In our study of germ cell differentiation, we applied two recently developed technologies on the germline of various model organisms: single-cell mRNA sequencing and RNA-tomography. For the first time we could look at gene expression with such a high resolution, and this led us to discover the function of unknown genes, and describe the localization and dynamics of gene expression. In Chapter 1 I introduce the relevant biology and technology for the following chapters. I briefly explain the soma vs. germline difference, sexual reproduction and the differences between the male and female germline. Next, I introduce meiosis, a cell division intimately linked to germ cell maturation. Subsequently I address the special role of sex chromosomes during germ cell differentiation. Finally, I introduce the experimental and computational tools utilized in this work. In Chapter 2 we studied the female human germline during fetal development using single-cell mRNA sequencing. All humans have two copies of their genome in every cell: one inherited from the mother and one from the father. These are called alleles. Cells use many genes from one specific allele only, but these differences are erased in mature germ cells. If genes are only used from one of the two genomes, it is called allele specific gene expression. There are two big classes of such genes in females: imprinted genes, and genes on the X chromosome. We found surprising differences between these two groups in how they lose their allele specific expression. While imprinted genes are activated in a strict order, the X-chromosome seems to activate without a defined order. In Chapter 3 we applied single-cell mRNA sequencing and pseudotemporal reconstruction to study male germ cells in mice. We found that one of the earliest steps in differentiation is regulated by a reverse logic: the silencing of “undifferentiated genes” seems to be a larger change than the activation of “differentiation genes”. Next, we looked at later steps of germ cell differentiation and found that genes on sex chromosomes (the X and Y chromosome) are silenced in a sequential order, right before a massive activation of sperm specific (“differentiated”) genes. In Chapter 4 we created a gene expression atlas of C elegans from its head to its tail, and we compared organ specific gene expression across sexes. C elegans have two sexes: male and hermaphrodite. Both sexes are producing sperm capable of fertilization, but if both are present, male sperm has an advantage over hermaphrodite sperm. We described and validated several male specific genes in the germline, which could help understanding this competition and advantage. In Chapter 5, I discuss of the work presented in this thesis.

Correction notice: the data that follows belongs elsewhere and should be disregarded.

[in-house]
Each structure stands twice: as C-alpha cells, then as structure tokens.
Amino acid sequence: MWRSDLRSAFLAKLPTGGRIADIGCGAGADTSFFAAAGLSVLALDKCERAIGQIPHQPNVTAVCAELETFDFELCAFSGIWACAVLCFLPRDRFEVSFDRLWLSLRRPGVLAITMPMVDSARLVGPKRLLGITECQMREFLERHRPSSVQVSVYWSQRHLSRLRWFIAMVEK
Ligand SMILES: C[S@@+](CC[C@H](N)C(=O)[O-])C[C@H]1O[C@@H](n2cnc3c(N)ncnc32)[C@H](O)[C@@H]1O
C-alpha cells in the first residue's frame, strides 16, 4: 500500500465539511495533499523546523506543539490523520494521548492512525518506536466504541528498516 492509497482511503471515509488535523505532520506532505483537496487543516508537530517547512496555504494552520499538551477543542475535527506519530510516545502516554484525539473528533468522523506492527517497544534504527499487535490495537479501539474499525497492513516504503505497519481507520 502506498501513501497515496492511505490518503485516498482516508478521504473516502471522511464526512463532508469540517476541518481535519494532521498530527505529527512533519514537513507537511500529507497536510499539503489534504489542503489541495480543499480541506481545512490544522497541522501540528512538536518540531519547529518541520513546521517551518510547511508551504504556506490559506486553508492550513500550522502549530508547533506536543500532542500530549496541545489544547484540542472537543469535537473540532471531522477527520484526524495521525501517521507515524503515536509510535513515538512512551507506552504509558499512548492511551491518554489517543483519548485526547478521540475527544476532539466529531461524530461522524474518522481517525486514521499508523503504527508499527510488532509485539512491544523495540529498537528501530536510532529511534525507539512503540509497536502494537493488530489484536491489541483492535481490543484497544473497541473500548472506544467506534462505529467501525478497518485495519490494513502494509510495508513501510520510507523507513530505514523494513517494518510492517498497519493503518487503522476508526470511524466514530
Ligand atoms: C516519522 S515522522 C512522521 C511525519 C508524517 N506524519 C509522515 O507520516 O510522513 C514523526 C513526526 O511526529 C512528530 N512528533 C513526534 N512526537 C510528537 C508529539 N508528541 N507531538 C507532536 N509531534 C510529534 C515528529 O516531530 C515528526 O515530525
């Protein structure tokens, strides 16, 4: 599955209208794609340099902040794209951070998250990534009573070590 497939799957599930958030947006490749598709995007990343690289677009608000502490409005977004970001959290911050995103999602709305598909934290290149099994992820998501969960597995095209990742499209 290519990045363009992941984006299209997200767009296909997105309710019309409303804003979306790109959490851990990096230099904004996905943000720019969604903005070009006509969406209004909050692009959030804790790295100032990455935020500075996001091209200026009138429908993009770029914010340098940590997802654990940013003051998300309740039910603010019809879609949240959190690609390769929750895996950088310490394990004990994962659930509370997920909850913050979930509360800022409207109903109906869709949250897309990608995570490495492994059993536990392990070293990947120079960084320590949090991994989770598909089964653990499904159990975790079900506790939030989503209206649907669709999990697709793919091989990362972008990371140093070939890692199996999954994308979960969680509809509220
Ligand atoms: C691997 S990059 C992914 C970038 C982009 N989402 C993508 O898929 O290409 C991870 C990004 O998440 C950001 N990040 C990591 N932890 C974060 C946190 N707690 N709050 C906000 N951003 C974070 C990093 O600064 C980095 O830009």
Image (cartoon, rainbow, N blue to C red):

|Datum van toekenning||20 apr 2018|
|Status||Gepubliceerd - 19 apr 2018|